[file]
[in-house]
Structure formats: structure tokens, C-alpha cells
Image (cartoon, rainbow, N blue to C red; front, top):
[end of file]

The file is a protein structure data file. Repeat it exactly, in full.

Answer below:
[in-house]
Structure formats: structure tokens, C-alpha cells
Image (cartoon, rainbow, N blue to C red; front, top):